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- Performing an image-correction triage
- Cloning to an empty layer
- Using adjustment layers
- Opening a raw file as a smart object
- Making selective adjustments
- Recovering the detail in skies
- Fixing exposure
- Saving time with Auto Tone and Auto Contrast
- Adjusting hue and saturation
- Controlling adjustment layers with masks
- Adjusting shadows and highlights
- Converting an image to black and white
Skill Level Intermediate
If you've ever been in the emergency room at a hospital, there's a process called triage where they sort out the patients. In this case, they tackle the life-threatening emergencies, followed by the serious injuries, and then the not so serious. Well, the same general approach can be applied to photos as well, and it's important that you look at your image and decide what's actually wrong. In the case of this photo here, what you're seeing is a complication of problems. First off, there's an easy issue here, and that's composition. I've flagged it with a sticky note, and what you're seeing is that this image isn't properly composed. I'm going to apply the Rule of Thirds to it in a moment.
I also look for distracting elements here and in this case the background is just a little bit taking away from the photo itself. There were some flowers behind the head of the eagle, and the color here is just pulling my eye up from my subject into the background. So I'm going to go ahead and remove some of those distracting elements, both through cropping and desaturation. I'm going to go ahead and tweak the overall exposure a bit, trying to pull up proper exposure here to bring out the feather area in the chest a bit, and then we'll put a little bit of sharpening in the eye region to go ahead and add some details. Let me show you the after state, and I'll just walk you through what was done. We'll start with the base image.
I went ahead and made a basic selection of the tree and the flower, and that selection was used on a Vibrance adjustment. Notice that the adjustment is localized to the image itself. We'll explore these specific selection and adjustment layer techniques in just a moment. I then did a Curves adjustment just to the feathery region of the body, and you see we're able lift out some of the details in the feathers there. Remember, these adjustments are nondestructive, so, you can easily click and continue to refine the adjustment. In this case I'll lift those feathers up a little more, and you see there are the before and after state. I then did an overall Vibrance adjustment to bring out all the color in the image, with no selection applied. In this case we really brought out the yellow of the beak and the red in the mouth, and this is starting to draw the viewer's eye up towards the head region here, because we have a splash of color.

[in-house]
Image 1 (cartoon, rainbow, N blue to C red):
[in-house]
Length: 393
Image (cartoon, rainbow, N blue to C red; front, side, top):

Let's go ahead and make a new layer, and I'll choose the Sharpen tool. I'll use the Sample All Layers and adjust its Strength, and this allows me to sharpen in some of the details around that. You see that can be turned off and on, and it's a nice adjustment there, in that it's working nondestructively. To finish this image out and really draw the focus towards the center, I then applied a Gradient layer. Just using a simple black- to-white gradient. There it is. Changed it to Radial and adjusted the size. Now we put that up on top here and by changing its mode to Multiply, you'll see the whites drop out and it draws your focus in. Now we can easily adjust the opacity of that layer until we achieve the desired effect of a darkening of the edges with a clear center spot of our subject.
Remember, you can go ahead and easily drag that around because it's an adjustment layer, giving you a very flexible engine for creating nondestructive vignettes. There we go. I'll just turn that one off and keep the original one I made, and you see, if we toggle between the two images, it's definitely an improvement. We've cropped for better composition. Notice here we actually have the Rule of Thirds turned on, and so as I adjust my Crop tool it shows me that good composition there. And I've placed the subject at the intersection. All right that is definitely an improvement. I'll put those two images side by side.
We'll do a 2-up Horizontal, and we'll just shrink that back. There we go. And you see that we've improved the overall image. Better composition, clearer center of our subject, a little bit of sharpening, and all the nondistracting elements have been removed. All of these techniques are going to be explored throughout the rest of our lessons. The key here to remember is that you want to look at the image and make a series of adjustments. While our exercises today are going to focus on individual commands, you're often going to have to put several of these commands together to achieve proper results.